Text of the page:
How many times have you stood helplessly by, biting your tongue while you watched a friend completely botch preparing and cooking a nice, clean piece of fish he (or she) labored all day in the hot sun, at the stern of a rocking boat, miles offshore, to land? Next time you plan an offshore fishing excursion in Northwest Florida, you may want to avoid committing a similar culinary faux pas and subjecting your dinner guests to overcooked cobia with the consistency of a retread tire. Read more…
Panama City fishing guide provides an ultimate dock-to-dish experience.
How many times have you stood helplessly by, biting your tongue while you watched a friend completely botch preparing and cooking a nice, clean piece of fish he (or she) labored all day in the hot sun, at the stern of a rocking boat, miles offshore, to land? Next time you plan an offshore fishing excursion in Northwest Florida, you may want to avoid committing a similar culinary faux pas and subjecting your dinner guests to overcooked cobia with the consistency of a retread tire. How’s that, you ask? For too many occasional fishermen, catching fish is a bit like the dog that chases the bus and doesn’t know what to do with it once he’s caught it.
Captain Todd Jones knows the waters (both inshore and offshore) around Panama City so well he could navigate them blindfolded on a moonless night. He also knows how to find his way to a good business idea. Captain Todd operates out of Sun Harbor Marina, docking his 27-foot center console Seacraft just steps away from Shipyard Grill. Like most charter captains, he has always cleaned the days catch and iced it down for his happy, worn-out clients before sending them on their way with a mess of clean fish and a load of unanswered questions about what to do with it once they get it home.
One evening, soon after Shipyard Grill opened, he noticed his clients walking with their bags of fresh catch right past the front door and patio of the restaurant, and the idea appeared to him as clear as a channel marker on St. Andrews Bay: why not offer clients the opportunity to have the restaurant professionally and expertly cook the fish they worked so hard (and spent their hard-earned dollars) to catch?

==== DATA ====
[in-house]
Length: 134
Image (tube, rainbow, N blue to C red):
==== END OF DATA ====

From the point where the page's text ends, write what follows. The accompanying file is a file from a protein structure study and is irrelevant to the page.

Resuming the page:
“There are many advantages to this ‘Hook and Cook’ approach,” says Captain Todd of his idea. First, he notes that somebody who rarely cooks the wide variety of edible Gulf fish they’re most likely to land avoids the stress of preparing it incorrectly. Secondly, there’s no mess to clean up afterwards. Thirdly, fishermen often travel with spouses, other family members or friends who don’t join the expedition but still want to share the bounty, which Hook and Cook allows. Finally, fresh frozen fish is better than store-bought fish, but never-frozen swimming-this-morning dock-to-dish fish is in a stratosphere of its own.
Now, instead of lugging your fish home to Atlanta or Birmingham – or even Ohio – in a cooler strapped to the hitch-all of your Suburban, you walk 20 (more or less) steps from the boat to the dock-side restaurant, present your bag of fish and choose one of three preparations for your catch (fried, blackened or grilled – which the restaurant charges an average $13 to $15 to cook) along with two sides. (Although not quite as convenient, in addition to Shipyard Grill, Captain Todd can also deliver you with your fish to Captain’s Table Fish House Restaurant in Historic St. Andrews or to Treasure Island Seafood Market to be cleaned and delivered to J. Michael’s in Downtown Panama City.) Then you head back to your lodging to wash up and fetch your family and friends, and return with them to the Shipyard Grill to proudly treat them to an unforgettable meal that you caught four hours earlier, as you regale them with your fish tales. One of those people will certainly buy you a drink and toast your virtues as a fisherman and a host.
Be sure to check out Captain Todd’s episode on Hook and Cook on Emerald Tales airing in January on the Pursuit Channel (check local listings). To book a charter with Captain Todd, please call 850-819-5829